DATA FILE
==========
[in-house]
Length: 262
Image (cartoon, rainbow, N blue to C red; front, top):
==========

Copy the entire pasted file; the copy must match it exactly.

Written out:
[in-house]
Length: 262
Image (cartoon, rainbow, N blue to C red; front, top):